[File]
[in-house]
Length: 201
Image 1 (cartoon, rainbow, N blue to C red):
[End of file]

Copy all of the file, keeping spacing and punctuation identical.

[in-house]
Length: 201
Image 1 (cartoon, rainbow, N blue to C red):